You may have arrived here via a direct link to a specific post. To see the most recent posts, click HERE.

Tuesday, April 28, 2009

‘Experts’ say Taser didn’t kill Dziekanski in Vancouver

April 28, 2009
By Suzanne Fournier, Canwest News Service

VANCOUVER — Two “experts” who both admit to being paid by Taser International said that they don’t believe the five Taser jolts inflicted on Robert Dziekanski contributed to his death.

The Polish immigrant died at the Vancouver International Airport on Oct. 14, 2007 after four RCMP officers Tasered and restrained him after he threw furniture.

Dr. Charles Swerdlow, a U.S. cardiac electrophysiologist who is paid to sit on Taser International’s scientific medical advisory board, concluded that “there is no medical, scientific evidence to support the conclusion that (conducted energy weapon) discharges contributed to Mr. Dziekanski’s death.”

Swerdlow, who testified by videolink, also concluded that “the circumstances of Mr. Dziekanski’s death are typical of the poorly-understood syndrome of sudden, in-custody death, often occurring after restraint.”

Swerdlow admitted in a letter that he has “two types of financial relationships” with Taser, and has been paid at least $122,000 since 2004 by Taser International, which also pays for his travel expenses to board meetings.

He said he bought $10,000 in Taser stock, but has since sold it.

Swerdlow said that Dziekanski’s heart could not have been fatally injured by Taser jolts because he still had a pulse after he was Tasered and lay handcuffed facedown on the floor, according to evidence from airport security guards.

A second witness, electrical engineer Dorin Panescu, who said that in 2008 he “invoiced Taser (about) $92,896 for expert consulting work,” concluded that “with a high degree of scientific certitude, it is my opinion that Mr. Dziekanski’s death was not caused by, and not contributed by, the use of a TASER X26.”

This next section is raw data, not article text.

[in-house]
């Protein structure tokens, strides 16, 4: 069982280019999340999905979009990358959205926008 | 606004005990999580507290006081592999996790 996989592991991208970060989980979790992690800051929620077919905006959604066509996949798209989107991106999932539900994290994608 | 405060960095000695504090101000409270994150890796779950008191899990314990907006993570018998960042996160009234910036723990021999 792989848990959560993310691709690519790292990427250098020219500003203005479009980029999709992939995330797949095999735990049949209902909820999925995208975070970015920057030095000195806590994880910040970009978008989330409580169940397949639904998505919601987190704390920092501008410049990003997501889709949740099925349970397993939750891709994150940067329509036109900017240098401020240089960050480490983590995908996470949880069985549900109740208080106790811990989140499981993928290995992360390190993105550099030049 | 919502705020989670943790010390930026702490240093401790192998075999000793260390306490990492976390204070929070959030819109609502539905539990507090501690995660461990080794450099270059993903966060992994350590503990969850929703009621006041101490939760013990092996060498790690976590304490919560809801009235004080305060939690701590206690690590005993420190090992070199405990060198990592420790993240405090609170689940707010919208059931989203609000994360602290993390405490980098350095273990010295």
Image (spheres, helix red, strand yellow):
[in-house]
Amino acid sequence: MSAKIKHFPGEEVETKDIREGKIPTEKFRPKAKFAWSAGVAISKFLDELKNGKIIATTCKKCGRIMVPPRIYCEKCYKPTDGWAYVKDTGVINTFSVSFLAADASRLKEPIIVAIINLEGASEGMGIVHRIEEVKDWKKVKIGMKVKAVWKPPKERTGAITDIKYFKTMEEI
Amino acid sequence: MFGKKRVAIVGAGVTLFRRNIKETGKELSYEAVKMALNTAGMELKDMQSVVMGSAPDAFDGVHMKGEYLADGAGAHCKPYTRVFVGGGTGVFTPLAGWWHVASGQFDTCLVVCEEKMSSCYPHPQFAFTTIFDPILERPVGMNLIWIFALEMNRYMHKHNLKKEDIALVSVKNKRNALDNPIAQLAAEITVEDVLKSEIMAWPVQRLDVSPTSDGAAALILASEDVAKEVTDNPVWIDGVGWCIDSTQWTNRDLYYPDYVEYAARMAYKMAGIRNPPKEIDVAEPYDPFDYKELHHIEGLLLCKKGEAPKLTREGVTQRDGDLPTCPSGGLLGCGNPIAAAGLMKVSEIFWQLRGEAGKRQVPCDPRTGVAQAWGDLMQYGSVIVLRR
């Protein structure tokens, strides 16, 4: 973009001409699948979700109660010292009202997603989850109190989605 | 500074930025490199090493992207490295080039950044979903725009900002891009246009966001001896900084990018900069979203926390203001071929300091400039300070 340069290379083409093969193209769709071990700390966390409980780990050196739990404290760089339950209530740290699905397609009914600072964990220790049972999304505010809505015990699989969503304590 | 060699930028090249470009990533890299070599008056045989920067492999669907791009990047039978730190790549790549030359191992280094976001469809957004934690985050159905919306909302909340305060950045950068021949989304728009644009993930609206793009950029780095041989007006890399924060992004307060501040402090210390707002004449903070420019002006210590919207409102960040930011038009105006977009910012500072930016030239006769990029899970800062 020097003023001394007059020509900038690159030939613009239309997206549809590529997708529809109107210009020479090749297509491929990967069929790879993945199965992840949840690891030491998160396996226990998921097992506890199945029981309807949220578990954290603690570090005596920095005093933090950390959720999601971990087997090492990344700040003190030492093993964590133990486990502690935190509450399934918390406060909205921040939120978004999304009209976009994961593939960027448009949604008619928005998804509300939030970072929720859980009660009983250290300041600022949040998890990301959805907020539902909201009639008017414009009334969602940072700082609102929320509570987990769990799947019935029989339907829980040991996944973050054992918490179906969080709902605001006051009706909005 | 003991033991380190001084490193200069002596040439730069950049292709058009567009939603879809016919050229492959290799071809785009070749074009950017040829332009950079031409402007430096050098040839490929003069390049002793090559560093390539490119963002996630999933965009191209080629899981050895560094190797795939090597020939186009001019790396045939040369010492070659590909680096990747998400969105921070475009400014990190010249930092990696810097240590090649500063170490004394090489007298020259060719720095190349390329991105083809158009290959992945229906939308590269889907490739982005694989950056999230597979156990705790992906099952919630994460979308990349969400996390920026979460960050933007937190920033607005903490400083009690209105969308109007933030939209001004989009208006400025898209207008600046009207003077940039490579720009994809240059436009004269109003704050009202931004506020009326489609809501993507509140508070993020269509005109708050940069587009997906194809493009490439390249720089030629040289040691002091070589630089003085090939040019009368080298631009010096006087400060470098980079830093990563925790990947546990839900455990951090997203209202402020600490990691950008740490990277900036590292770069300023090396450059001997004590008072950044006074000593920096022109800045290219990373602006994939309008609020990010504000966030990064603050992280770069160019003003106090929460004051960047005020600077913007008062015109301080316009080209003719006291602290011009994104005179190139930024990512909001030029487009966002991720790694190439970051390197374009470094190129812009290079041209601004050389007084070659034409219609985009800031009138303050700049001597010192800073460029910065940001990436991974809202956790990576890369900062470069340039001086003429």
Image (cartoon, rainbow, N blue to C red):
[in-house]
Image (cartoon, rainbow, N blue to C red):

Panescu said the Taser used on Dziekanski “wasn’t strong enough” to cause his heart to stop or to beat irregularly.

Outside the inquiry, Walter Kosteckyj, the lawyer for Dziekanski’s mother Zofia Cisowski, said the fact the two men receive fees from Taser undermines their conclusions.

They are Taser’s witnesses, not independent scientists.”

Kosteckyj also noted that pathologist Dr. Charles Lee, who also testified Monday, “admitted Mr. Dziekanski would still be alive if he had not been Tasered.”

Lee did not cite the Taser as a direct cause of death, although he said he thought Dziekanski had been Tasered only once, not five times.

Lee said he was not told by the two homicide investigators who attended the autopsy to check for multiple Taser marks.

Lee’s report concluded only that Dziekanki’s cause of death was “sudden death during restraint.”

No comments: